Many of the comments we get on our courses revolve around the way that people communicate with each other at work. Sometimes people can be pretty hard to each other, and relationships can be strained at best, destroyed at worst.
People want you to provide answers to questions, perform certain tasks, want to know when something will get done…the list goes on and on. Everyone has expectations, requests, demands, enquiries and such-like that make up a daily routine at work. Much of how you manage and meet these expectations ties into how you communicate with others. Communication starts by understanding how to use language in its most powerful and positive form.
Remember, everything you say has an impact on others. You can choose to be positive or negative. Naturally, positivity has a different impact to using negative influences. Positivity doesn’t mean patronising or glossing over the truth; positivity consists of three major components: honesty, directness and constructiveness.
Firstly, honesty. This means being straight and truthful. As long as you feel safe in doing so, honesty is always the best policy.
Then, Directness. Being direct means getting to the point with tact and respect. Don’t confuse this with being blunt. Direct means being assertive. Being blunt equals aggression, and many people confuse the two. Being blunt doesn’t take the other persons’ feelings into account and can often be hurtful. It’s also less clear than direct speaking because it could make the other person defensive and not see the main point you are making.
An example of being direct might be: “That report had several grammatical errors…let’s take a quick look together”
An example of being blunt might be: “That report was a right mess! Didn’t you do English at school?”
Finally, Constructiveness. Being constructive is being as objective as possible in the words you say. If you “tell it like it is” and get right to the point, you are being direct. But if you ruin the message by using destructive words, the other person may completely miss the point.
This doesn’t mean always speaking in the positive; sometimes issues have to be confronted and, by being constructive, you make sure the message is clear and respectful.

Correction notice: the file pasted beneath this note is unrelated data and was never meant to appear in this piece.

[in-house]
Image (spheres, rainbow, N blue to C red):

An example of being destructive could be: “That marketing plan simply won’t work. If that’s the best you can produce, we are going to have problems”
The statement might have a ring of truth, but the very nature of the way it’s put across might cause demotivation, demoralisation and defensiveness.
A more constructive way of dealing with the issue might be: “I had a chance to go through that marketing report, and I have some ideas on how we could fine-tune it. Let’s sit down and go through what’s needed”.
That way the other person doesn’t have to justify their ideas, and still maintains their self-esteem, while seeing how the report could be improved.
So, the three main elements of being powerfully positive (being honest, being direct and being constructive) can help you formulate and deliver a message that has impact and authority without being judgemental and demotivational.
Mark Williams is a learning and development professional, using business psychology and multiple intelligences to create fascinating and quickly-identifiable learning initiatives in the real-world business setting. Mark’s role at MTD is to ensure that our training is leading edge, and works closely with our trainers to develop the best learning experiences for all people on learning programmes. Mark designs and delivers training programmes for businesses both small and large and strives to ensure that MTD’s clients are receiving the very best training, support and services that will really make a difference to their business.